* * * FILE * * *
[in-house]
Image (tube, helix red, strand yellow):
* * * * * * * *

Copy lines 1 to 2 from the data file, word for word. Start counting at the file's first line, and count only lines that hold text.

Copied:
[in-house]
Image (tube, helix red, strand yellow):